People going through a divorce or breakup often face a difficult choice. Should I stay to protect my children or leave to protect myself? No person, mom or dad, should have to face that choice. Fathers are more likely to face another level of issues such as false abuse or domestic violence claims. In fact, Kentucky’s citizens said that false abuse claims were not uncommon “to gain an advantage” in custody cases by 61% to 13%. Mothers have their own unique issues. If they leave, they may lose custody of what they love most, their children. Additionally, non-custodial moms face the stigma that goes with not being their children’s caregiver.
However, healthy moms and dads want to be parents after their families end. And, Kentucky recently became the first state to make that easier by passing the nation’s first true shared parenting law. Shared parenting is defined as joint custody, which is equal legal decision making, and equal parenting time. Kentucky stated last year what we all know that children need both parents if the adults are healthy. It seems so obvious that it is hard to believe it was truly a bold step.
Now, the results are in from Kentucky’s bold shared parenting step. The year before Kentucky had any shared parenting laws, there were 22,512 family court cases filed. They declined to 21,847 the year the partial shared parenting law began. When the complete Shared Parenting Law took effect in the last 12 months, new cases plummeted to 19,991. In other words, Kentucky’s families filed to sue each other in family court over 11% less despite the state’s population increasing. In comparison, the Center for Disease Control says national divorce cases increased slightly.
The highest conflict cases, those with domestic violence claims, showed a similar decline. Kentucky domestic violence claims declined by 248 in 2017 when the partial shared parenting law was enacted. Further, the decline of domestic violence accelerated by dropping an additional 445 cases as the complete Shared Parenting Law took effect in 2018 versus the prior year. Debbie Sivis, Director of the Shelter of Hope said, “There has been a drop off in the percentage of new guests with a domestic violence history who have children. The percentage with children has reduced from a majority in 2016 and 2017 to less than a third so far this year.”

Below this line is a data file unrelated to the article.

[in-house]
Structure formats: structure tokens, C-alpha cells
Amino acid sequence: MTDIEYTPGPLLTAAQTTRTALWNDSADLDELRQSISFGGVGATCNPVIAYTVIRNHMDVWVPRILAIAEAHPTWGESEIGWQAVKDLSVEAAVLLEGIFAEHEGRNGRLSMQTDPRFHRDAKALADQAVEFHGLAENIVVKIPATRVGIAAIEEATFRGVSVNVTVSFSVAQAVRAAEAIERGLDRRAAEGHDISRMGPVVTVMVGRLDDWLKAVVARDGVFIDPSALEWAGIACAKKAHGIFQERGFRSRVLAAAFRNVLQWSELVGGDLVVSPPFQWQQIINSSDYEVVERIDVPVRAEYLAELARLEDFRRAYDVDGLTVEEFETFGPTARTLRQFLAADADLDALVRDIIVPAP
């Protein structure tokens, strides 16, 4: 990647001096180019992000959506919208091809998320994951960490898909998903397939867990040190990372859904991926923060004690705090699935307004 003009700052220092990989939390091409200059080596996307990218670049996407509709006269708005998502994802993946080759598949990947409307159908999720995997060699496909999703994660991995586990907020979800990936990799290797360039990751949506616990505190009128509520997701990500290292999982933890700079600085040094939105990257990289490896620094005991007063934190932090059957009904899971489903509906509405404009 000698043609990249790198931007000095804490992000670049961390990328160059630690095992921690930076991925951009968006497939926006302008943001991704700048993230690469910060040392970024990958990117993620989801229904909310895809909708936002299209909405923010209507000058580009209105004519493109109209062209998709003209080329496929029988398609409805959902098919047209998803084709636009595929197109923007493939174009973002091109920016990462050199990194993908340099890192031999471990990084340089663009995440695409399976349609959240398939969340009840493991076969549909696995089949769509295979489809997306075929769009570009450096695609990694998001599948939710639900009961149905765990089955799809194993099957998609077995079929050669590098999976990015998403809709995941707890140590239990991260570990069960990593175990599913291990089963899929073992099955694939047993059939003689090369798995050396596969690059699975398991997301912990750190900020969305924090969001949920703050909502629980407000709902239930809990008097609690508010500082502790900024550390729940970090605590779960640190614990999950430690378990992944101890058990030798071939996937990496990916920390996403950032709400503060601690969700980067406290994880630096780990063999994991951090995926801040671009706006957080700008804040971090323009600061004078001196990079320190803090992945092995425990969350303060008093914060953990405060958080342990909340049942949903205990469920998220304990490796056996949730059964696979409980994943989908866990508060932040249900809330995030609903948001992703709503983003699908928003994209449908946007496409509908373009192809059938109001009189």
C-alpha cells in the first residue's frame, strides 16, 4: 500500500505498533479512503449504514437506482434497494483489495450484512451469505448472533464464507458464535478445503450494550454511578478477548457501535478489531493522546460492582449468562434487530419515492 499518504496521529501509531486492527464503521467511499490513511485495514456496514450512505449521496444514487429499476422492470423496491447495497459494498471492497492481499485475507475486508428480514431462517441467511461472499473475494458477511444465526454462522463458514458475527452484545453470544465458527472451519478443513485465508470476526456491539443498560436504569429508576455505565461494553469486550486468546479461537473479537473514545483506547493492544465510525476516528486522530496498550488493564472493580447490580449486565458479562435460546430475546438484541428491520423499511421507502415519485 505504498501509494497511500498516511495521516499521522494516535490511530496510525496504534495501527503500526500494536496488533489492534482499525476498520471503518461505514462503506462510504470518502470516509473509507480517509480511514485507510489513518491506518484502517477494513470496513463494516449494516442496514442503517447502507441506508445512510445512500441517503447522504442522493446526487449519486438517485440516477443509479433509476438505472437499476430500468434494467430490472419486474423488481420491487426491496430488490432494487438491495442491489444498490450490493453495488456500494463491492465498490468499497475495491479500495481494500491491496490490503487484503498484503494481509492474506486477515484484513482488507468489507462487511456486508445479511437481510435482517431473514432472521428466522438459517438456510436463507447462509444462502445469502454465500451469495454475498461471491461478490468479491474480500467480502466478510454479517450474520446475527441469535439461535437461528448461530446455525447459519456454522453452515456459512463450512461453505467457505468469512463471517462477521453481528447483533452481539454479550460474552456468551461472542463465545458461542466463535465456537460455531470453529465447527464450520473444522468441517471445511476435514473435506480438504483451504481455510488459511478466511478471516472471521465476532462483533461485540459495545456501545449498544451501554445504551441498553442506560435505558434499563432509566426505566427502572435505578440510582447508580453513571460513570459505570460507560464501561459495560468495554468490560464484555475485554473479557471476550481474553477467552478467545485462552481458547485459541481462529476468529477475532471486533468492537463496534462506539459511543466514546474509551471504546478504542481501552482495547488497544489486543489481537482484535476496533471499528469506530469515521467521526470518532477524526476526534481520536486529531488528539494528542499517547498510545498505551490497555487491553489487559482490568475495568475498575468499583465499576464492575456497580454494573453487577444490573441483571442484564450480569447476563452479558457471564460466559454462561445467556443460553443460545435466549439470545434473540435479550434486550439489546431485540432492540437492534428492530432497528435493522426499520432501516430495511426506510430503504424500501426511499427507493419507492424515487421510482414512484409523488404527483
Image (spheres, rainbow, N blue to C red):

As survivors of domestic abuse, we want to thank Matt Hale, who led the effort, and the lawmakers who made Kentucky the national leader on child custody issues. No law can control a person and force him/her to never be violent. However, Kentucky’s Shared Parenting Law saves parents from fighting just to remain a custodial parent. It seems so obvious now that if a state does not force parents to fight for their children that they will, well, fight less.
“If Kentucky's new law would have been in place back in 2013, maybe the courts could have prevented parental alienation from happening to me. It's been over 7 years with no contact or communication with 2 of my children and I have a clean record. There is no excuse for this type of abuse to happen. And our new law will help prevent parental alienation!”, Alexandra Beckman, coauthor of this column recently said.
Our state’s children will do better in the long run now too. The state Attorney General website states that almost ten percent of children witness domestic violence. Now, the Shared Parenting Law helps many children go to bed dreaming of toys or playgrounds instead of rewatching the nightmare of their parents’ violence. The AG’s website also defines domestic violence as threatening parents with the loss of their children. Many parents, fathers in particular, are now less likely to face that nightmare too. But no matter what your age or gender, Kentucky’s first in the nation Shared Parenting Law is something to celebrate. Tonight, when you go to bed, be glad that you can rest without worrying about whether you have to choose between your safety or your children.
Alexandra Beckman is a domestic violence survivor who founded Parental Alienation in Kentucky. She can be reached at email@example.com. Jamie Sprinkle is a domestic violence survivor who founded Kentuckians Against Domestic Violence.